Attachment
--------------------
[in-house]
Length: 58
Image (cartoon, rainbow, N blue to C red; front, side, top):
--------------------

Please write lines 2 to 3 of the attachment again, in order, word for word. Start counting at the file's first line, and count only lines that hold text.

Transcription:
Length: 58
Image (cartoon, rainbow, N blue to C red; front, side, top):